The Flat-Coated Retriever may look like a mix between a Golden and a Black Lab, but these sporty and smart dogs are a different breed all their own.
Bred to excel both on land and in the water, Flat-Coated Retrievers, commonly referred to as Flat-Coats, are nicknamed the “Peter Pans” of the Retriever family. This is because of their puppy-like appearance that lasts into their adulthood.
Flat-Coats are enthusiastic, and they love to please their owners. They make excellent sports animals and are active in canine animal competitions. They are funny, loyal, very friendly, and don’t mind being spoilt by their owners.
Because these dogs are very energetic, they require plenty of exercise.
Table of Contents
- Breed Overview
- Common Health Complications
- Diet and Nutrition
- Adopting or Buying a Flat-Coated Retriever
- Group: Sporting Group
- Height: Males can reach up to 23-24.5 inches, while females can reach 22 to 23.5 inches
- Weight: 55-70 pounds
- Coat: Moderate length
- Coat color: Colors can be solid black or liver
- Life expectancy: 8 to 10 years
- Affection: High
- Friendliness: High
- Kid-Friendly: High
- Pet-Friendly: High
- Exercise needs: High
- Playfulness: High
- Energy level: High
- Trainability: Medium-High
- Intelligence: High
- Tendency to Bark: Medium to High
- Amount of shedding: Medium
People often affiliate Flat-Coat Retrievers with being all-American dogs; however, Flat-Coated retrievers originated from the United Kingdom and were bred for hunting and work alongside their keepers as early as the mid-19th century.
The dog breeders linked with the development of Flat-Coated Retrievers were very few, and one of them includes S.E. Shirley. Shirley was considered to be the breed’s originator. Flat-Coats were generally appreciated for their impeccable hunting ability.
Through the end of WWI, Flat-Coated Retrievers were the go-to breed for hunters in the UK on both land and lake, even though the rise of Goldens and Labs later overshadowed the breed.
The concerted effort by Flat-Coat owners was all it took to maintain and secure the future of the breed.
Even when the Flat-Coats lost their position as the go-to breed, they still have a love of many dog lovers – especially since they are intelligent, active, and very social dog breeds.
Flat-Coats did not become recognized as one of the world’s leading sport animals without the power to back it up. For this reason, they need plenty of exercise to meet up with their energy level.
Talking them for walks doesn’t cut it in any way. Flat-Coats love to run and romp, and they also enjoy displaying their skills in outdoor sports, such as agility and tracking.
They prefer long walks, rather than short walks- as it helps them stretch their legs and to get familiar with their environment better.
Due to their high level of intelligence, Flat-Coats are responsive to positive reinforcement training. Still, their naughty streak may mean occasional disobedience if they are aware it will get a laugh.
The use of training to work more physical and mental exercise into a Flat-Coat’s daily routine, as well as proper obedience training alongside socialization training, helps to bring out the best in your dog.
While Flat-Coats are usually a dog-friendly breed, it’s still important to instill proper social manners from puppyhood and beyond. The grooming of Flat-Coats is no different from grooming other Retrievers.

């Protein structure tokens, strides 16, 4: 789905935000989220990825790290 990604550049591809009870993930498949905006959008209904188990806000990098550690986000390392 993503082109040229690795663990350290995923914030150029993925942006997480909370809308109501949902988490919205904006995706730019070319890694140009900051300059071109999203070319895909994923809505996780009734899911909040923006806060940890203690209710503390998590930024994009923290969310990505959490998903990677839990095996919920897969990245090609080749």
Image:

They require regular brushing (at least once a week) to get that proper shiny coat and to also reduce tangles and matting. Other standard grooming routines should be maintained continuously, as with other dogs. This includes ear cleaning, nail trims, and dental checks.
Common Health Complications
Purebred dogs are susceptible to specific genetic diseases. While Flat-Coats are generally healthy, it may help to know the following conditions that can be linked with the breed.
- Joint disease, which may include arthritis and patellar luxation
- Hip dysplasia
It is advisable to look out for reputable breeders when adopting a Flat-Coated Retriever. Especially breeders that test their stock to minimize the risk of passing on some genetic diseases.
Even though it’s impossible to prevent the occurrence of the above-mentioned conditions or any other conditions, so to speak, you may need to provide proper care for your dog to mitigate the risk.
Diet and Nutrition
To maintain their high energy level, Flat-Coats require a proper amount of nutrition. Their diet should include a high-quality protein meal.
They also love treats, especially if the goal is to reinforce them positively. However, it’s essential t to know when to cut back on the treats, especially when your dog is gaining too much weight. You may also want to discuss with your vet about the right diet for your dog.
- A family-friendly dog that does well with other animals and children
- They maintain puppy-like features into adulthood
- Athletic, active and happy to join in for swims, hiking, runs, bike rides and more
- They get bored quickly and may become destructive and/or stressed when they are left alone for too long
- They aren’t ideal for owners who are always busy
- Flat-Coats require plenty of exercises
- They aren’t the perfect apartment dogs because they need homes with plenty of room to explore
Adopting or Buying a Flat-Coated Retriever
Flat-Coated Retrievers are relatively rare, and only a few breeders have them. Fortunately, they aren’t impossible to find. You can check out local rescues as well as Retriever societies online.
It is essential that you deal with reputable breeders only when purchasing a Flat-Coated Retriever. You may also have to have your vet check your dog for any signs of diseases.
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